On Thursday (10/27) swell from a gale previously in the North Gulf was fading out in North CA (see North Gulf Gale below).
Over the next 72 hours another gale is to be building in the Northwestern Gulf tracking east (see Northwestern Gulf Gale below)
And a new gale is forecast developing just south of the Aleutian Islands over the North Dateline region on Fri PM (10/28) with 55 kt northwest winds partially exposed south of the Eastern Aleutians and seas building from 32 ft over a small area at 53N 171W aimed east. On Sat AM (10/29) a full storm is to be building in the Northwestern Gulf with 50 kt west winds totally clear of land with seas 41 ft at 51.75N 159W aimed east (311 degs NCal). In the evening the storm is to track east into the Northern Gulf with 45 kt west winds and seas 39 ft at 53N 149.25W aimed east (318 degs NCal). The storm is to track east on Sun AM (10/30) in the Northern Gulf with 40-45 kt west winds and seas 39 ft at 54.25N 141.5W aimed east (328 degs NCal and totally shadowed). The gale to move inland over Central Canada after that. Something to monitor.
North Gulf Gale
A small gale started developing Sat PM (10/22) in the Northern Gulf with northwest winds 40-45 kts with seas building from 21 ft at 52N 153.5W aimed southeast. The gale is to be just off North Canada on Sun AM (10/23) producing 45 kt northwest winds over a small area and seas 31 ft at 53.25N 144.75W aimed southeast and mostly shadowed relative to North CA (319+ degs). In the evening the gale was poised to move inland over North Canada with 40 kt west winds and seas 30 ft at 52.5N 137W and well east of the NCal swell window.
North CA: On Thurs (10/27) swell was fading from 4.8 ft @ 11 secs early (5.0 ft). Swell Direction: 315-318 degrees
Northwest Gulf Gale
A gale started moving southeast from the East Bering Sea down into the Northern Gulf of Alaska on Wed AM (10/26) with 30-35 kt northwest winds with seas building from 24 ft at 54N 145.25W (320 degs NCal). In the evening 40-45 kt northwest winds were building over the Northern Gulf with 24 ft seas at 54N 153.5W aimed southeast (318 degs NCal). Fetch held position Thurs AM (10/27) at 35-45 kts with 28 ft seas at 53N 149.5W aimed southeast (318 degs NCal). Fetch is to be fading in the evening at 35 kts from the northwest with seas 23 ft at 50N 145W (315 degs NCal). Fetch fading Fri AM (10/28) from 30-35 kts filling the Northern Gulf with seas fading from 23 ft at 52N 143W (322 degs NCal and shadowed) aimed southeast. Very north angled swell is possible for North CA but mainly focused on the Pacific Northwest. Will monitor.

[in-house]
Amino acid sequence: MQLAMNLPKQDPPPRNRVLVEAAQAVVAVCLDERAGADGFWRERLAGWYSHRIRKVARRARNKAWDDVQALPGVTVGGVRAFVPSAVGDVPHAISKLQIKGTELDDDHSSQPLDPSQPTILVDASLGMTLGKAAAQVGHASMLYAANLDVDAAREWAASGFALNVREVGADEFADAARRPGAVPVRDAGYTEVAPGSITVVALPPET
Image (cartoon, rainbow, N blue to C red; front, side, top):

North CA: Rough data suggest swell arrival on Sat AM (10/29) building to 5.6 ft @ 14 secs (7.5 ft) and shadowed in the SF Bay Area. Swell fading Sun (10/30) from 4.9 ft @ 13 secs (6.5 ft). Residuals Mon AM (10/31) fading from 3.6 ft @ 12 secs (4.0 ft). Swell Direction: 315+ degrees
North Pacific Animations: Jetstream - Surface Pressure/Wind - Sea Height - Surf Height
No tropical systems of interest are being monitored at this time.
California Nearshore Forecast
- Fri AM (10/28) a light northwest flow is forecast early at 5-10 kts for all of North and Central CA continuing in the afternoon but building to 15 kts south of Monterey Bay.
- Sat AM (10/29) a light flow is forecast for North CA early and northwest at 15 kts south of Monterey Bay holding all day.
- Sun AM (10/30) northwest winds to be 15 kts for North CA and 15-20 kts for Central CA south of Monterey Bay early. In the afternoon northwest winds to be building at 20 kts for all of North and Central CA.
- Mon AM (10/31) northwest winds are forecast at 15-20 kts for all of North and Central CA early fading to 10-15 kts in the afternoon and strongest south of Monterey Bay.
- Tues AM (11/1) a front and northwest winds are to be pushing down the coast with light southwest winds ahead of the front and northwest winds 15-20 kts for North CA early and 5 kts from the northwest for Central CA. Northwest winds to mainly be well off the coast and only 5-10 kts nearshore for North and Central CA. Rain sweeping south from Cape Mendocino early down to Morro Bay in the afternoon and snow developing and covering the North and Central Sierra just after sunset continuing through the night and heavy.
- Wed AM (11/2) weak low pressure is to be over the coast with south winds 5-10 kts for North and Central CA early. In the afternoon the low is to be moving onshore with light winds for most of North CA but northwest winds 15 kts from Bodega Bay southward. Light rain continues for North and Central CA through the day and building over all of Southern CA by late morning. Snow continues for the whole Sierra through the day and night and possibly heavy at times.